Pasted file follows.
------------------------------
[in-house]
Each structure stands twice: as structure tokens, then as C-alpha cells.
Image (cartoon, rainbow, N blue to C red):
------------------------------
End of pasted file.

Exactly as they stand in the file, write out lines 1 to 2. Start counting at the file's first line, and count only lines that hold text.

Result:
[in-house]
Each structure stands twice: as structure tokens, then as C-alpha cells.